Singer 99 is Dressed to the 9’s

Singer 99 is Dressed to the 9’s

Dressed to the 9’s!

In the weeks that followed my Singer 99 conversion, I accessorized a bit, then I took her to an all day sew. I usually bring a couple other machines with me, but I only used Joy that day. I marveled at her true portability, as I churned along. At first, I found myself looking under the table for the foot pedal, and laughed at myself. Once, I found my legs crossed, and told my friend, “Hey look! My legs are crossed! Can you do that?” and she mildly, said “no” Then she lit up and said “Oh my goodess! The light just turned on. That is truly a portable machine!” I smiled and said “I know, right? I can take her to the park and just sit and sew.”
Now, she wants one.
At that time I had only made a dust cover, accessory bag, and piecing tool caddy, with padded bottom [possible coffee cup mat] built in pin cushion, scissor pocket, and small pockets for tweezers, 6″ ruler, and poky stick.

 


Pretty cool stuff, considering I wanted to be able to carry her outside and have everything I need to begin sewing.
but then I went full out batpoop crazy, and made a custom Pack-n-Play for her!
I finished in time to take her for a test run at my local quilt shop aply named “Sew Crazy”

Joy_Pack-n-Play_01

The hooks were added because I accidently ironed over the nylon webbing while pressing the panel on, and got some black goo on the red panel. After thinking about remaking the panel for a tenth of a millisecond, I decided to hide the marks with hanging hardware! I don’t know if I will ever need to hang anything here, but no one has to know that I didn’t intend to have them.

Joy_Pack-n-Play_02

Please notice the position of the word “Singer” in the appliques. [notice I said please]

 

I did not want a bag that I would have to lift her out of to sew, so I made sides that drop down.

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Beauty unfolding!

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I ran out of velcro for the side pocket flaps. I don’t have any idea what I will put in these pockets, but you can’t add them later, so here they are.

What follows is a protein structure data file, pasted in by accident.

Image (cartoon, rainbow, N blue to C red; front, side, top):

In case you can’t tell just how much I obsessed over this, here are the features:

The end pieces contain pockets with print matched flaps on the inside [of course], and print matched sleeves on the outside for the webbing straps to go through because I do NOT like spending $12 /yard for fabric and then having black straps run across the top of  it.

Joy_Pack-n-Play_Sleeves

The front drops down, and is made to hang over the table. It has 3 pockets with a print matched flap. The flap is held closed with velcro, because these pockets will be upside down when she is all packed up.

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The back is designed to hold patterns, paperback books, or quilt blocks, and also has a print matched flap. This flap also has a velcro closure, but will be right side up, when she is all packed up.

Joy_Pack-n-Play_04

Then we have a shape matched bag for threads, bobbins, and portable battery operated light. I designed this to fit the exact shape of her throat where it will travel with her. I used an invisable [teeth covered] zipper so as not to scratch her when I slide it in place.

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Then I needed a way to have the tools I always use handy, so I made this tool cozy with pin cushion, scissor pocket, and little pockets for a ruler, tweezers, and poky sticks.

[See those little red scissors? They are made by Fiskars, and cut thread really well. They only cost $1.49! Look for them in the school supplies [not sewing] section next to the crayons. I buy them in colors to match every sewing machine I have.]

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There is a flap on the back to put her foot down on, and hold it in place for travel.

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More velcro to hold her secure.

Joy_Pack-n-Play_Withoutmachine

The front has her name in fussy cut applique.
The back as an outline of her in fussy cut applique, from a template I made.

Joy_Pack-n-Play_02_Closeup

If I learned one thing from this, it’s that the ‘stick on’ velcro sucks!!!! If you have any,  throw it away! Now!